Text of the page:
• RSS Queering the Church

    • An error has occurred; the feed is probably down. Try again later.
  • RSS Spirit of a Liberal

    • Gonna Stick My Sword in the Golden Sand September 15, 2014
      Gonna Stick My Sword in the Golden Sand: A Vietnam Soldier's Story has just been released. The title comes from a stanza of the gospel traditional, Down by the Riverside, with its refrain--"Ain't gonna study war no more." Golden Sand is a bold, dark, and intense retelling of the Vietnam experience through the eyes of an army scout that is […]
      Obie Holmen
    • Gay Games Symposium July 21, 2014
      I am pleased and honored that the UCC has asked me to moderate a symposium during the games entitled Queer Christians: Celebrating the Past, Shaping the Future. [[ This is a content summary only. Visit my website for full links, other content, and more! ]]
      Obie Holmen
  • RSS There Will be Bread

    • An error has occurred; the feed is probably down. Try again later.
  • RSS The Wild Reed

    • Police, Pride, and Philando Castile June 24, 2017
      Well, now that Twin Cities Pride has reversed its decision regarding the presence of uniformed police personnel in tomorrow's Pride parade, I appreciate local community leader and businessman Ken Darling's invitation: Imagine this: What if the uniformed officers, whom the Pride Committee just asked to return to the parade, carried signs that said […]
      noreply@blogger.com (Michael J. Bayly)
    • A Visit to Grand Marais June 23, 2017
      This time last week my friend Kathleen and I were in Grand Marais, a town on Minnesota's North Shore of Lake Superior. It's a beautiful area of the state, and one which I had not visited since 2004. The area is renowned for its alternating rocky cliffs and cobblestone beaches, with forested hills and ridges through which rivers and waterfalls desce […]
      noreply@blogger.com (Michael J. Bayly)
  • RSS Bilgrimage

  • RSS Enlightened Catholicism

  • RSS Far From Rome

    • the way ahead March 23, 2013
      My current blog is called the way ahead.
      noreply@blogger.com (PrickliestPear)
  • RSS The Gay Mystic

    • Christmas at Litmanova December 29, 2016
      The Marian Shrine of Litmanova, Slovakia.Christmas 2017A forest chapel at the Slovakian Marian shrine of Litmanova.Stunning painting of the Sacred Heart inside the forest chapel.
      noreply@blogger.com (Richard Demma)
    • Not Our President November 16, 2016
      To hear the simplistic denial of those who scream out with naiveté “give Trump a chance” as they condemn others engaged in selfless protest against a certain political and social tsunami in the making, is to ignore his life-time public embrace of policies that tens of millions reject as not just destructive, but evil per se. They are not mistaken.Those in st […]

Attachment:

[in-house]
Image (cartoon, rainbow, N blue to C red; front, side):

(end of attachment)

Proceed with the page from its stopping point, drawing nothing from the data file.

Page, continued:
noreply@blogger.com (Richard Demma)
  • RSS The Jesus Manifesto

    • Another World is Neccessary: Anarchism, Christianity and the Race from the White House July 30, 2008
      I’ll be presenting at the upcoming Jesus Radicals conference in Columbus, Ohio. My session (on the relationship between Church and State) will be on Friday afternoon. If you’re in the area, drop by. I’d love to meet some of the folks who frequent this site. Here’s the info: August 15-16, 2008 St. John’s Episcopal 1003 W Town Columbus, OH [...]ShareThis […]
      Mark Van Steenwyk
  • RSS John McNeill: Spiritual Transformations

  • RSS Perspective

    • Trump's lies: the list June 24, 2017
      From The New York Times: a definitive list of all of Trump's Lies ... Many Americans have become accustomed to President Trump’s lies. But as regular as they have become, the country should not allow itself to become numb to them. So we have catalogued nearly every outright lie he has told publicly since taking the oath of office.What's appalling i […]
      noreply@blogger.com (crystal)

The Road to Remonstrance

Originally posted at Talk to Action.

I recently wrote about the need for mainstream and liberal Catholics to offer remonstrance — an earnest presentation of reasons for opposition or grievance against the reactionaries now fomenting schism within the Church. I’d now like to further explain the need for such action.

Why is Catholic remonstrance necessary? Here are a few compelling reasons.

First, remonstrance is a form of dissent. Any institution, whether it be a national government or a religious hierarchy, needs to hear about potential problems before they become major problems. Listening and hearing such dissent is essential to institutional health. Arguably: No dissent, no health.

Dissent also draws attention to vital new ideas even if they were treated with scorn upon arrival. For example, a reconsideration of natural law principles in light of knowledge acquired since St. Thomas Aquinas in the thirteenth century offers strong arguments in support of artificial birth control and embryonic stem cell research while establishing homosexuality is not the aberration Church fathers believe it to be. Even the great Aristotelian thinker, St. Thomas Aquinas was treated as a heretic and excommunicated shortly after his death. And yet his ideas came to greatly influence Catholic theology.